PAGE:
Eileen Light

This morning, when I checked on my friend, he told me a story about a young man who approached him about clearing brush and debris from the culverts on his ranch so the creek where his cows drink could flow freely. We had about 13 inches of rain, heavy rain two weeks ago, and trees, brush, and even a brand new tire washed up into the culverts. They negotiated the pay by the hour.

When the young man finished, he gave the amount of hours it took to complete the job; he lied. As it sometimes happens, my friend, who can see from his house across the highway, happened to look from his dining room window and knew exactly when the young man arrived at his gate for work. When the young man came to his house for his pay, he lied about the hours it took him to complete his task. My friend then told him he saw the time he arrived, and was it not his wife’s car at the gate? He had to confess; it was the truth.

My friend paid that which was due to the young man, but in the absence of honesty and integrity with a false weight and balance, the young man will never return again to work for him.

When we practice to deceive, we may get by with it once. Sooner or later one is caught in a web of their own making. False weights and balances are an abomination to God. Abomination, by definition, means “a detestable act.”

  • “A false balance is abomination to the Lord: but a just weight is His delight” (Proverbs 11:1).
  • “Just balances, just weights, a just ephah, and a just hin, shall ye have: I Am the Lord your God, which brought you out of the land of Egypt” (Leviticus 19:36).
  • “But thou shalt have a perfect and just weight, a perfect and just measure shalt thou have: that thy days may be lengthened in the land which the Lord thy God giveth thee” (Deuteronomy 25:15).
  • “Diverse weights, and divers measures, both of them are alike abomination to the Lord” (Proverbs 20:10).
  • “Divers weights are an abomination unto the Lord; and a false balance is not good” (Proverbs 20:23).
  • “Are there yet the treasures of wickedness in the house of the wicked, and the scant measure that is abominable? Shall I count them pure with the wicked balances, and with the bag of deceitful weights” (Micah 6:10-11)?
  • “He is a merchant, the balances of deceit are in his hand: he loveth to oppress” (Hosea 12:7).
  • “Saying, When will the new moon be gone, that we may sell corn? and the Sabbath, that we may set forth wheat, making the ephah small, and the shekel great, and falsifying the balances by deceit” (Amos 8:5)?
  • “He made a pit and digged it, and is fallen into the ditch which he made. His mischief shall return upon his own head, and his violent dealing shall come down upon his own pate” (Psalms 7:15-16).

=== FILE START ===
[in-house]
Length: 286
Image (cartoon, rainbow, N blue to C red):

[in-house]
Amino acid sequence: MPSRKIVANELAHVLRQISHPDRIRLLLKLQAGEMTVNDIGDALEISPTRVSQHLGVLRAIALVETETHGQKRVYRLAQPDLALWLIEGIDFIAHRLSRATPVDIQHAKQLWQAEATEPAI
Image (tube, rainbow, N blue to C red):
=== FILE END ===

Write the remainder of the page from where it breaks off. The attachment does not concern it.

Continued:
“Doing mischief to hurt another returns to harm the mischief-maker. The pit he digs to entrap another becomes his own pitfall.

The writer alludes to a method of hunting wild beasts in ancient times. A pit would be dug and covered over with brush and leaves. As unsuspecting animals were driven over it they would fall through and be trapped.

The lesson is that the person who lays a deceptive plan for the destruction of others will be ensnared by his own devices. Such retribution is not uncommon among the crafty who are caught in the consequences of their own devilment. They become entangled in the recoils of their own cunning. They are trapped in self-dug pits. They are caught in self-made nets.

History is replete with examples. Many a Haman has been hanged on the gallows he prepared for another (Esther 7:10). Many a Judas has sold himself with his own kiss (Matthew 26:48).

No one can overestimate the danger of a crooked and mischievous policy. Neither can one overwhelm the worth of an open and straightforward coarse in dealing with others – both friends and foes.” ~ Leroy Brownlow

“The real things haven’t changed. It is still best to be honest and truthful: to make the most of what we have: to be happy with simple pleasures: and have courage when things go wrong.” ~ Laura Ingalls Wilder

Eileen Light (


One of God’s greatest prophets was Elijah the Tishbite. God gave him a mighty work to do as he tried time after time to save Israel from their sins. Remind yourself of Elijah’s life and see whether you too can relate to the discouragement he felt at one point as he dealt with what seemed to be an impossible task. Take note the various events in his lifetime and the miracles he performed. Try to understand his goal and why he must have felt like a failure when Israel did not respond the way they should have (1 Kings 19:14), because he didn’t know about the 7,000 ‘successes’ he had.



And Gilead’s wife bare him sons; and his wife’s sons grew up, and they thrust out Jephthah, and said unto him, Thou shalt not inherit in our father’s house; for thou art the son of a strange woman (Judges 11:2). The covetousness of the younger brothers for the family inheritance is obvious and stated as the reason for thrusting him out, but they may also have had the law against any illegitimate child going into the congregation of the people (Deuteronomy 23:2) in mind too.



Be sober, be vigilant; because your adversary the devil, as a roaring lion, walketh about, seeking whom he may devour: Whom resist stedfast in the faith, knowing that the same afflictions are accomplished in your brethren that are in the world (1 Pet. 5:8).